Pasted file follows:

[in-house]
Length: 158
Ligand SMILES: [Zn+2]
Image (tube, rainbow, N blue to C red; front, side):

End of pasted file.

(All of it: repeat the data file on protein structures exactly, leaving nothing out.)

[in-house]
Length: 158
Ligand SMILES: [Zn+2]
Image (tube, rainbow, N blue to C red; front, side):